To permit relative movement between the neck tube 18 and the dome support 52 via the bellows, the rod length is equal to and preferably shorter than the bellows 62. The disc members 68 and 70 are provided with vertically aligned openings 72 through which the rods extend with the through-extending portions having head sections 74 and 76 dimensioned to be greater than the openings 72, and bearing portions 78 and 80 immediately inwardly of the head portions 74 and 76, and which are dimensioned to be slightly less in crosswise dimension than the openings 72 and which are located within the openings in a manner to permit relative axial movements and limited play for relative angular movement. In the preferred embodiment, one or both of the through-extending end portions of the suspension rods can be threaded while the head member is in the form of a nut member in threaded engagement therewith to permit axial adjustment of the spaced relationship between the supporting upper and low r discs.

The head portion and the adjacent bearing portion at the opposite ends of the bearing rods are connected by a spindle portion 82 of considerably lesser cross section.

The disc members 68 and 70 are designed to enable insertion of the rod members into position of use. For this purpose, each of the disc members are formed with a central opening 84 for connection to the top and bottom neck flanges. A number of openings 72, corresponding to the number of suspension rods, are provided in circumferentially spaced apart relation a short distance inwardly from the periphery of the disc member with the openings dimensioned to be less than that of the head portions 74 and 76 but slightly larger than the bearing portions 78 and 80 of the rods. A radial slot 86 extends radially inwardly from the periphery to the opening with the slot dimensioned to have a width slightly greater than the width of the spindle portion 82 but less than the bearing portion to enable the rod to be inserted into the disc by radial displacement of the spindle portion through the slot to the opening and then axial displacement in the opening until the bearing portion is seated within the opening.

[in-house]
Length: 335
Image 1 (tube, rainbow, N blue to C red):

Though not essential, means are provided to restrict rotation of the inner vessel 12 relative to the outer vessel and dome support.

As illustrated in FIGS. 2 and 5, a round disc plate 90 is provided with openings 92 extending therethrough, corresponding in number to the number of suspension rods 66. and on the same circle diameter, so that one opening 92 will be located in axial alignment with each rod. The rods 66 are dimensioned to have a length whereby a machined down end portion 94 extends through the aligned opening 92 in the disc 90, with a clearance therebetween which defines the maximum amount of relative movement between the rod 66 and the disc 90.

The outer periphery of the disc member 90 is fixed, as by welding, to the lower end portion of a tubular member 96, which, in turn, is fixed at its upper end portion to the disc member 68 and the sleeve 64 rigid with the dome 52 and the outer container 10. Thus the disc.